Luck of the Irish Can’t Replenish the Blood Supply

February 20, 2012

Patients in need of transfusions can’t rely on the luck of the Irish to replenish the blood supply. Each day an average of 44,000 pints of blood are needed for patients in the United States and that blood can only come from generous volunteer donors.

The American Red Cross invites all eligible blood donors to don their green and help us kick off national Red Cross Month at the annual St. Patrick’s blood drive.

21st Annual St. Patrick’s Blood Drive

Thursday, March 1, 2011

Noon to 7 p.m.

Crowne Plaza

830 Phillips Lane

Louisville, KY 40209


All presenting donors will be treated to their choice of Irish stew or potato soup.

For a patient in need, a transfusion can be more welcome than a pot of gold at the end of a rainbow. Bring some luck into the lives others. Schedule your appointment today to donate blood at the St. Patrick’s blood drive.

How to Donate Blood

Simply call 1-800-RED CROSS (1-800-733-2767) or visit to make an appointment or for more information. All blood types are needed to ensure a reliable supply for patients. A blood donor card or driver’s license, or two other forms of identification are required at check-in.  Individuals who are 17 years of age (16 with parental permission in some states), weigh at least 110 pounds and are generally in good health may be eligible to donate blood. High school students and other donors 18 years of age and younger also have to meet certain height and weight requirements.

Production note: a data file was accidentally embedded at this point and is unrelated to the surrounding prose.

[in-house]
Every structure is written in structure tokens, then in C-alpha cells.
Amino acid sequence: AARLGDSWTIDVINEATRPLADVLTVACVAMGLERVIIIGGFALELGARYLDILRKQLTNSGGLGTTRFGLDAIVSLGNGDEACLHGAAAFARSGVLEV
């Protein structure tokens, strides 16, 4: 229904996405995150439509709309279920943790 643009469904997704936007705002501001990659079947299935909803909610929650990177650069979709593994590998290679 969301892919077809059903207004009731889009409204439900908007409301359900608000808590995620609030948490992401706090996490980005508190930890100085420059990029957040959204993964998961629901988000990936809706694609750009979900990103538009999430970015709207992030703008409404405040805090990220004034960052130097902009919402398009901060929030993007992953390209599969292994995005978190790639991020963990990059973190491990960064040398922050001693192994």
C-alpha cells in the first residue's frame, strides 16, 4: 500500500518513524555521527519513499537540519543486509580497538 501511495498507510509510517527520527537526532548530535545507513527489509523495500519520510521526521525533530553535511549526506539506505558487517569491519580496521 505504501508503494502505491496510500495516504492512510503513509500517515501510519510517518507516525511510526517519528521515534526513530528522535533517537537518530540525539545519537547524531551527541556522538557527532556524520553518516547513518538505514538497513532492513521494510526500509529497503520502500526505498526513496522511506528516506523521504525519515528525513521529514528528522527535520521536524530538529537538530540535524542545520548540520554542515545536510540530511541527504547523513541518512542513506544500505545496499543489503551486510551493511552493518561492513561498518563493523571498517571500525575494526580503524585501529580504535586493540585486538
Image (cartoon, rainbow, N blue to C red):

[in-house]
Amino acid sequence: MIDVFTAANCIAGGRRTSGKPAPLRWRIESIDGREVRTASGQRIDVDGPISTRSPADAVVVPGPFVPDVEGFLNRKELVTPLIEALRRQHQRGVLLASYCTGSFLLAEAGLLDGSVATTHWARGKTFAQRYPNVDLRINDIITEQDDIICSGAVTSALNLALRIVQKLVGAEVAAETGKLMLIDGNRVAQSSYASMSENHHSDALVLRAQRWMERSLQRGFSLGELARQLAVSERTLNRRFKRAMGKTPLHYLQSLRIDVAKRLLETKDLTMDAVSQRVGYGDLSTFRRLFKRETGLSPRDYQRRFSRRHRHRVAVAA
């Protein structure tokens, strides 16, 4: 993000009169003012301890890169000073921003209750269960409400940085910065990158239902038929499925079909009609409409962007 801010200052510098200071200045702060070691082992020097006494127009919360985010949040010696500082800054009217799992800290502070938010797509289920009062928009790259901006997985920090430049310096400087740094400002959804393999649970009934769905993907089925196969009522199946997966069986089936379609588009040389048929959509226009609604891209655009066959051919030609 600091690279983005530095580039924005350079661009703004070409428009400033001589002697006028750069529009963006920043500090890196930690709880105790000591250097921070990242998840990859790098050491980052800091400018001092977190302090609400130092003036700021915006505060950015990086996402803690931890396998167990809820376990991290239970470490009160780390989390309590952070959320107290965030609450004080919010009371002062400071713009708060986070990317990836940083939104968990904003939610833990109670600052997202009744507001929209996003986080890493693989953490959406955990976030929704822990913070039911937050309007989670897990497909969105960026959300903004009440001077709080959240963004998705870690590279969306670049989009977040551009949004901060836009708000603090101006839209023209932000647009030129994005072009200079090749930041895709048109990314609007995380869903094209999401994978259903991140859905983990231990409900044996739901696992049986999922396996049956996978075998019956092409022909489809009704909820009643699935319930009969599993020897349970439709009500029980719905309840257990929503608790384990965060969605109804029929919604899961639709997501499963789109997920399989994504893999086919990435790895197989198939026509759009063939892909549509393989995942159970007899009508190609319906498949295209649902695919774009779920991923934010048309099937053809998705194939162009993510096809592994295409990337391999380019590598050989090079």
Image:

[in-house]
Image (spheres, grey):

About the American Red Cross

Governed by volunteers and supported by giving individuals and communities, the American Red Cross is the single largest supplier of blood products to hospitals throughout the United States. While local hospital needs are always met first, the Red Cross also helps ensure no patient goes without blood no matter where or when they need it. In addition to providing nearly half of the nation’s blood supply, the Red Cross provides relief to victims of disaster, trains millions in lifesaving skills, serves as a communication link between U.S. military members and their families, and assists victims of international disasters or conflicts.